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The Rhetoric Of Reason

Author: James Crosswhite
Publisher: University of Wisconsin Pres
ISBN: 0299149536
Size: 69.81 MB
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Responding to skeptics within higher education and critics without, James Crosswhite argues powerfully that the core of a college education should be learning to write a reasoned argument. A trained philosopher and director of a university-wide composition program, Crosswhite challenges his readers—teachers of writing and communication, philosophers, critical theorists, and educational administrators—to reestablish the traditional role of rhetoric in education. To those who have lost faith in the abilities of people to reach reasoned mutual agreements, and to others who have attacked the right-or-wrong model of formal logic, this book offers the reminder that the rhetorical tradition has always viewed argumentation as a dialogue, a response to changing situations, an exchange of persuading, listening, and understanding. Crosswhite’s aim is to give new purpose to writing instruction and to students’ writing, to reinvest both with the deep ethical interests of the rhetorical tradition. In laying out the elements of argumentation, for example, he shows that claiming, questioning, and giving reasons are not simple elements of formal logic, but communicative acts with complicated ethical features. Students must learn not only how to construct an argument, but the purposes, responsibilities, and consequences of engaging in one. Crosswhite supports his aims through a rhetorical reconstruction of reason, offering new interpretations of Plato and Aristotle and of the concepts of reflection and dialogue from early modernity through Hegel to Gadamer. And, in his conclusion, he ties these theoretical and historical underpinnings to current problems of higher education, the definition of the liberal arts, and, especially, the teaching of written communication.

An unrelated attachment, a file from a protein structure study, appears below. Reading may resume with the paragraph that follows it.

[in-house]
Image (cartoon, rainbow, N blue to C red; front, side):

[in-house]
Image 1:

The Rhetoric Of The Human Sciences

Author: John S. Nelson
Publisher: Univ of Wisconsin Press
ISBN: 9780299110246
Size: 36.61 MB
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Opening with an overview of the renewal of interest in rhetoric for inquiries of all kinds, this volume addresses rhetoric in individual disciplines--mathematics, anthropology, psychology, economics, sociology, political science, and history. Two essays draw from recent literary theory to suggest the contribution of the humanities to the rhetoric of inquiry, and several essays explore communications beyond the academy, particularly in women's issues, religion, and law. The final essays speak from the field of communication studies, where the study of rhetoric usually makes its home.